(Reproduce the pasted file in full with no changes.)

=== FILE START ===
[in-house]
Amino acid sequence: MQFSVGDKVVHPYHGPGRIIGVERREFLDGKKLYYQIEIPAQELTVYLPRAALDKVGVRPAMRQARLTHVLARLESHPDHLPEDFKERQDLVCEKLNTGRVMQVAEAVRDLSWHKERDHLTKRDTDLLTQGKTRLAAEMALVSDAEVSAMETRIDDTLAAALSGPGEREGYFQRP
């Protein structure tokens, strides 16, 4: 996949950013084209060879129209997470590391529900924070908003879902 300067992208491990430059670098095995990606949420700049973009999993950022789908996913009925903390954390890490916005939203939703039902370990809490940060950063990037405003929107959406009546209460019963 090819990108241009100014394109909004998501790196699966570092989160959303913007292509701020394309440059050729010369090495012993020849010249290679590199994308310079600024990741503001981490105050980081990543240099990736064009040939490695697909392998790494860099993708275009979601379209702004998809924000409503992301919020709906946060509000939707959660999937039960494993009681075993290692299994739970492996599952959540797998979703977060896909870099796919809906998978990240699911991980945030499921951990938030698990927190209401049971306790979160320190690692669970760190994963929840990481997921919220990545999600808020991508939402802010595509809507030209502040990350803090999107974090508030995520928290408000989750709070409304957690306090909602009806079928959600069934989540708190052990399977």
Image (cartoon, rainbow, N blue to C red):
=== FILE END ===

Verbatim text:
[in-house]
Amino acid sequence: MQFSVGDKVVHPYHGPGRIIGVERREFLDGKKLYYQIEIPAQELTVYLPRAALDKVGVRPAMRQARLTHVLARLESHPDHLPEDFKERQDLVCEKLNTGRVMQVAEAVRDLSWHKERDHLTKRDTDLLTQGKTRLAAEMALVSDAEVSAMETRIDDTLAAALSGPGEREGYFQRP
């Protein structure tokens, strides 16, 4: 996949950013084209060879129209997470590391529900924070908003879902 300067992208491990430059670098095995990606949420700049973009999993950022789908996913009925903390954390890490916005939203939703039902370990809490940060950063990037405003929107959406009546209460019963 090819990108241009100014394109909004998501790196699966570092989160959303913007292509701020394309440059050729010369090495012993020849010249290679590199994308310079600024990741503001981490105050980081990543240099990736064009040939490695697909392998790494860099993708275009979601379209702004998809924000409503992301919020709906946060509000939707959660999937039960494993009681075993290692299994739970492996599952959540797998979703977060896909870099796919809906998978990240699911991980945030499921951990938030698990927190209401049971306790979160320190690692669970760190994963929840990481997921919220990545999600808020991508939402802010595509809507030209502040990350803090999107974090508030995520928290408000989750709070409304957690306090909602009806079928959600069934989540708190052990399977």
Image (cartoon, rainbow, N blue to C red):